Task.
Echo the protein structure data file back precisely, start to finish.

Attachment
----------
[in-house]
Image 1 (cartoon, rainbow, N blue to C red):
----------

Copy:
[in-house]
Image 1 (cartoon, rainbow, N blue to C red):